art than the conviction which will force itself on you more and more every hour
of the way all things are bound together little and great in spirit and in matter
so that if you get once the right clue to any group of them it will grasp the
simplest yet reach to the highest truths you know I’ve just been telling you how
the school of materialism and clay involved itself at last and cloud and
fire now down to the least detailed method and subject that will hold here
is the perfect type they’re not a complex one of Gothic landscape the
background gold the trees drawn leaf by leaf and full green in color no effect
of light here is an equally typical Greek school landscape by Wilson lost
holy and golden mist the trees so slightly drawn that you don’t know if
they are trees or towers and no care for color whatsoever perfectly deceptive and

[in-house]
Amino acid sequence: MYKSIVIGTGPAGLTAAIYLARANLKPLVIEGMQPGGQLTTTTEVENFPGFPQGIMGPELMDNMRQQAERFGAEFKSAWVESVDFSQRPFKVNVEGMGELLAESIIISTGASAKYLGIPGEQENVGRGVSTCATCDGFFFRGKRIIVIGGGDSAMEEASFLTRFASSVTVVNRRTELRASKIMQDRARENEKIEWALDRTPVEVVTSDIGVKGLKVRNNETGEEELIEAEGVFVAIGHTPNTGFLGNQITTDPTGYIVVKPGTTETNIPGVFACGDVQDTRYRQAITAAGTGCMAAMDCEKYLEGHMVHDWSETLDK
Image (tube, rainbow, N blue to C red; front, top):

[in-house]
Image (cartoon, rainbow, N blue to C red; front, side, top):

marvelous effect of sunshine through the mist Apollo and the Python now here is
Raphael exactly between the two trees still drawn leaf by leaf holy formal but
beautiful mist coming gradually into the distance
well then last here is Turner’s Greek school of the highest class and you
define his art absolutely as first the displaying intensely and with the
sternest intellect of natural form as it is and then the envelopment of it with
cloud and fire only there are two sorts of cloud and fire he knows them both
there’s one and there’s another the Dudley and the
that’s what the cloud and flame of the Dragon mean now let me show you what the
dragon means himself I go back to another perfect landscape of the Living
God expects out line by Edward burne-jones in illustration of the story
of psyche it is the introduction of psyche after all her troubles into
heaven now in this of burne-jones the landscape
is clearly full of light everywhere color or glass light that is the outline
is prepared for modification of color only every plant in the grass is set
formally grows perfectly and may be realised completely exquisite order and
universal with eternal life and light this is the faith and effort of the
schools of crystal and you may describe and complete their work quite literally
by taking any verses of Chaucer in his tender mood and observing how he insists